A loop and char problem

This is a discussion on A loop and char problem within the C++ Programming forums, part of the General Programming Boards category; >> int integerVariable[noOfArray]; First, you moved this line up in your code. As I said, it is technically illegal anyway, ...

  1. #16
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    >> int integerVariable[noOfArray];
    First, you moved this line up in your code. As I said, it is technically illegal anyway, but now it is worse because noOfArray has not been initialized. Just come up with a maximum number and use that as the size of the array instead of the noOfArray variable. Continue to use noOfArray later in the program as you currently are, though.

    >> There is something wrong with this line
    Yes, there is. At that point you are attempting to call a function. When calling a function, you pass variables as arguments to the function. You need to change that line to pass the array variable and the noOfArray variable to the function. To pass a variable you just put the variable name.

    Another thing to remember is variable scope. If you declare a variable inside the main function, you cannot use it inside another function. For example, you declare allNumbers at the top of main, but only use it inside averageFunc. You should declare it inside averageFunc. In general, you should declare and initialize variables just before you want to use them.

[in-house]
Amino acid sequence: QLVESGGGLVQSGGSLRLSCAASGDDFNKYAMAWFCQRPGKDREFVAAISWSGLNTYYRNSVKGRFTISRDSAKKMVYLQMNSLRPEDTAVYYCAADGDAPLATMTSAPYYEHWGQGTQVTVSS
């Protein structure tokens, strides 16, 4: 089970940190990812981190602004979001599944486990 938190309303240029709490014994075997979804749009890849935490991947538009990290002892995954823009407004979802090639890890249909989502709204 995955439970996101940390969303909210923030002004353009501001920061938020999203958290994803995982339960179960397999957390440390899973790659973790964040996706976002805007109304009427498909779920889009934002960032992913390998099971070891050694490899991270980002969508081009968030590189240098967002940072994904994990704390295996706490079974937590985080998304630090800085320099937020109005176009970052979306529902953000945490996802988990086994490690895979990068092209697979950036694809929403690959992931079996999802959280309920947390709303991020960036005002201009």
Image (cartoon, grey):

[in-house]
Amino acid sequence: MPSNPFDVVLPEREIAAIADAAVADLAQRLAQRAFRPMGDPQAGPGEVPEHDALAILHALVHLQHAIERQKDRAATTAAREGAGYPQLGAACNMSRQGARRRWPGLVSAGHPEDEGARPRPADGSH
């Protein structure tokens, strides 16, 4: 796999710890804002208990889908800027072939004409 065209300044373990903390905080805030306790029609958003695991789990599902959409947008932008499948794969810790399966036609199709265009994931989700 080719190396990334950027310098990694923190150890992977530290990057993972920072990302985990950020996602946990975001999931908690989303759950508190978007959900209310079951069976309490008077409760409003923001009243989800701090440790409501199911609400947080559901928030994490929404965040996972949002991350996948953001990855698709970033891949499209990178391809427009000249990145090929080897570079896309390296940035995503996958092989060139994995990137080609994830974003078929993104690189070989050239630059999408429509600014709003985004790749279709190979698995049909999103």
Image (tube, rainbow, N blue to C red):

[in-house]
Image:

Finally, you've got a decent amount of code there. It is much easier to work through problems one at a time, though. You should be adding a little bit of code, then compiling, then adding more code, etc. This way, you won't have to deal with so many compiler errors at once, and it will be easy to narrow down what changed caused the most recent error.

  2. #17
    The C eater *munch*
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    Oct 2006
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    this thing
    Code:
    double averageFunc(int integerVariable[], int noOfArray)
    {
           for (int i = 0; i < noOfArray; i++)
        {
            allNumbers = allNumbers + integerVariable[i]; // initialize allNumbers, otherwise you'll get garbage
            average = allNumbers / noOfArray;
        }
        
        return average;
    }
    assuming you are looking for mean... why don't you just accumulate all the data, and divide it by noOfArray at the end of the iteration?
    Code:
    for(someStuff) {
       allNumbers = allNumbers + data;
    }
    
    return allNumbers/noOfArray;

  3. #18
    Reverse Engineer maxorator's Avatar
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    >> I was thinking of converting it to ancii
    Converting? It IS ascii, how can you convert it to something that it already is
    "The Internet treats censorship as damage and routes around it." - John Gilmore

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